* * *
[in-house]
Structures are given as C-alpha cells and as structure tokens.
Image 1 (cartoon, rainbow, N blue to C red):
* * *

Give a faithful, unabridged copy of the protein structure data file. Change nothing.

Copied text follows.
[in-house]
Structures are given as C-alpha cells and as structure tokens.
Image 1 (cartoon, rainbow, N blue to C red):